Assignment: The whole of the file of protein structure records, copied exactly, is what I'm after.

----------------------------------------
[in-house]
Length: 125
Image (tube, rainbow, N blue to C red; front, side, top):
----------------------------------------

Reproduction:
[in-house]
Length: 125
Image (tube, rainbow, N blue to C red; front, side, top):